Comparisons in JavaScript
Nov 25, 2020 08:14 1 Comments Javascript PARTH

                                   Comparisons in JavaScript


  • Greater/less than: a > b, a < b.
  • Greater/less than or equals: a >= b, a <= b.
  • Equals: a == b, please note the double equality sign == means the equality test, while a single one a = b means an assignment.
  • Not equals. In JavaScript it’s written as a != b.

In this article we’ll learn more about different types of comparisons, how JavaScript makes them, including important peculiarities.

At the end you’ll find a good recipe to avoid “JavaScript quirks”-related issues.

Boolean is the result

All comparison operators return a Boolean value:

  • true – means “yes”, “correct” or “the truth”.
  • false – means “no”, “wrong” or “not the truth”.

For example:

alert( 2 > 1 );  // true (correct)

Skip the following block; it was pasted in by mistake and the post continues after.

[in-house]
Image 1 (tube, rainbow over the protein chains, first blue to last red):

alert( 2 == 1 ); // false (wrong)

alert( 2 != 1 ); // true (correct)

A comparison result can be assigned to a variable, just like any value:

let result = 5 > 4; // assign the result of the comparison

alert( result ); // true

String comparison

To see whether a string is greater than another, JavaScript uses the so-called “dictionary” or “lexicographical” order.

In other words, strings are compared letter-by-letter.

For example:

alert( 'Z' > 'A' ); // true

alert( 'Glow' > 'Glee' ); // true

alert( 'Bee' > 'Be' ); // true

The algorithm to compare two strings is simple:

  1. Compare the first character of both strings.
  2. If the first character from the first string is greater (or less) than the other string’s, then the first string is greater (or less) than the second.
  3. Otherwise, if both strings’ first characters are the same, compare the second characters the same way.
  4. Repeat until the end of either string.
  5. If both strings end at the same length, then they are equal. Otherwise, the longer string is greater.

In the first example above, the comparison 'Z' > 'A' gets to a result at the first step.

The second comparison 'Glow' and 'Glee' needs more steps as strings are compared character-by-character:

  • G is the same as G.
  • l is the same as l.
  • o is greater than e. Stop here. The first string is greater.


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